Author: Megan Jones (Adv.Dip.NutMed, BHsc.NutMed)
If watery red eyes, a runny nose, sneezing and coughing sound like familiar symptoms to you and are a sure bet that spring is in the air, you are not alone! Sadly, upwards of 30% of the global population are afflicted by allergic rhinitis (aka the dreaded ‘hay fever’).1
With millions of people suffering from seasonal allergies triggered by airborne pollen, and not just in spring but in summer and autumn too, the latest in alarming research suggests these numbers will rise in our changing climate.2
In this article, we'll look at the connection between our gut health and allergies and look to uncover solutions such as a daily dose of Nuzest’s multi nutrient formula Good Green Vitality – to help us all foster a healthier gut and of course, allergy relief!
- The trillions of bacteria and other microbes in our gut play a significant role in how we respond to allergens like dust, pollen, gluten and more!3
- Alteration of the gut microbial population (dysbiosis) may increase the risk for allergies and other conditions.4
- Consuming a varied diet based on whole foods and a wide variety of nutrients alongside pre and probiotics can help to support the proliferation of good bacteria in our microbiome – strengthening our body’s defence systems and supporting a reduction in the risk of allergic reactions.5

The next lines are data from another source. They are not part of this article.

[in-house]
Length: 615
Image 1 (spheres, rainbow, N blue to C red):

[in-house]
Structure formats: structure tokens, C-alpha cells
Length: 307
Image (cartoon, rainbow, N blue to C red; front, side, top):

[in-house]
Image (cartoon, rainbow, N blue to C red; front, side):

- Overuse of antibiotics without adopting a dietary protocol, including pre and probiotic use throughout the course, can lead to a reduction in our gut diversity and increase the risk of developing dysbiosis and further infection.6
The influence of our gut microbiome
While many of us are aware that our gastrointestinal system houses a complex ecosystem of trillions of bacteria, collectively known as our gut microbiota, it may be surprising to hear these tiny inhabitants have a considerable impact on our immune system. In fact, the state of our digestive system plays such a vital role in our overall health and wellbeing that our response to allergens can depend on it!7
It is well established that our gut microbiome can actually regulate the body’s immune response - through multiple chemical interactions within our immune system. Paramount to controlling and eliciting the right and appropriate immune response is the balance of our Th1 and Th2 helper cells activity.8,9